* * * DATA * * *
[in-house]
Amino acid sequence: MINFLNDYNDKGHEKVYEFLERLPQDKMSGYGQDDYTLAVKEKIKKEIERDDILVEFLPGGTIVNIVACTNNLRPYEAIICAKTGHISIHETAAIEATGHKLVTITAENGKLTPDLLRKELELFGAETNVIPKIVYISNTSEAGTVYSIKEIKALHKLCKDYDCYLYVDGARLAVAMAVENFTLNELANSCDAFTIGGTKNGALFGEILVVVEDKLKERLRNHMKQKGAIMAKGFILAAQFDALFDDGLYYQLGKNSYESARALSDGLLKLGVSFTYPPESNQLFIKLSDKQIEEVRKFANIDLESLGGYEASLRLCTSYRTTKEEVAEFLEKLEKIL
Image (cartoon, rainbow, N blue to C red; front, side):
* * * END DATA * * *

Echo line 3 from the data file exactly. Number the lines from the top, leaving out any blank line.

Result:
Image (cartoon, rainbow, N blue to C red; front, side):